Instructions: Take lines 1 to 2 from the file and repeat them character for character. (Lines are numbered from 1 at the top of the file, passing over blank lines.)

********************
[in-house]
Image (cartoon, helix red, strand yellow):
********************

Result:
[in-house]
Image (cartoon, helix red, strand yellow):